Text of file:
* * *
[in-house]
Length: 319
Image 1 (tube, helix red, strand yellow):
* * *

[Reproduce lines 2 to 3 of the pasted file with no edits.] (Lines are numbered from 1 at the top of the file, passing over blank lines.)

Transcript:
Length: 319
Image 1 (tube, helix red, strand yellow):